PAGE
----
There is actual tragedy in “Dinosaurs,” but most of it takes place before the book opens – so long ago, in fact, that the central character, Jill, could hardly remember it. As we learned through some brief references, as a child, Jill lost his parents in a car accident. His fierce grandmother took care of him for several years, but then died, too. He stays in her home, where a number of well-paid guardians take care of him “like a fly stuck in amber.” And when he finally turned 18, Jill got a trust fund so huge that it could never be exhausted.
So, “Dinosaurs” is a story about a very wealthy white man who struggles to make his way in the modern world. You might be under the impression that there are more pressing stories being told these days. This novel will confirm this doubt. I kept expecting to feel the dying edge of Millett’s cynical wit, but Jill was allowed to luxuriate in his gold-plated pity largely unscathed.
The opening pages show Jill reeling from a bad breakup with his girlfriend. From the depths of this existential crisis, he became convinced that he needed a change in life and place, so he decided to walk from Manhattan to Phoenix, where he bought a house from the Internet. At 25 miles a day, this trip takes about five months. “Time moved so slowly that it ceased to be measured,” Millett wrote. “The slowness seemed like a blessing.”
We have to take her words seriously.
Soon after Jill moves to his new home in the desert, he notices movement nearby. This is a stunning modern building completely walled in glass. The new owners are an attractive young couple and their two children, a teenage girl and a young boy. “It was hard not to look at them,” Millett wrote. “At first they looked to him like a bunch of mannequins, in a high-end store window. Say Bloomingdale’s. Or Saks.”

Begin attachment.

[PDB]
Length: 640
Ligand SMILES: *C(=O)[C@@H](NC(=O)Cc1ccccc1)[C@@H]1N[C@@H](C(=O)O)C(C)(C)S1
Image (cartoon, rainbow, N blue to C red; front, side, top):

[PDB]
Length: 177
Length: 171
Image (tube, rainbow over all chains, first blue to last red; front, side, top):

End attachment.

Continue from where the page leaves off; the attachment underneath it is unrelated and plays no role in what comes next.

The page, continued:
You’re probably already thinking of Alfred Hitchcock’s “Rear Window” or AJ Finn’s latest edition.The woman in the windowor even Netflix’s delicious satire “The Woman in the House Across the Street from the Girl in the Window.” Or perhaps the more skeptical readers among you are concerned about Jill’s interest in his neighbor’s little boy.
I tell you: put all these fears out of your mind.
As this tale unfolds, neighbors and Jill become fast friends. The wife is cheerful. The husband is friendly. Jill waters their plants when they go on vacation. With so much free time, he becomes their son’s babysitter. Although he has no experience with children, he is naturally gentle and encouraging in the ways this child needs.
“Dinosaurs” are not without some emotional tension, but that tension eases, almost underground. Freed from any responsibilities or burdens from his formidable inheritance, a sad and lonely man struggles to find a reason to exist. “I’m just a parasite,” he says. “I have time for everything.” He worries that he’s just “taking up space, an opening in the world, for no good reason.”
Praiseworthy, wants to do Something That matters. Like all of us, he longs for some evidence of his true worth.
Thus, the novel presents a series of well-designed incidents that introduce a generation that is learning to assert its values. In his most determined style, he volunteers as an assistant at a women’s shelter. comforts the widow of his best friend; prevents the bully from attacking the neighbor’s son; And he develops an interest in protecting the local birds, those distant relatives of the dinosaurs.
In such clips, Millett asserts that she is the master of touching moments. These scenes are charming, often witty, and at times poignant. And I have no doubt that the wonderfully rich in the prime of life with nothing to do endure the darkness of the soul with the rest of us – only on better sheets.
But do you want to read about how sad that is?
Millett discovered this kind of existential despair more forcefully than before. for example, “How the dead dream” Follow A wealthy real estate developer suddenly starts dealing with animals rushing to extinction. That novel came out 15 years ago, but I can still remember its agonizing sense of longing and dread woven into a story that constantly bothered me.
Such feelings and weirdness have been effectively domesticated in “dinosaurs,” which ask us for attention but don’t give us many reasons for it.
Ron Charles Browse books and write Book club newsletter For The Washington Post.
W.W. Norton. 230 pages $26.95
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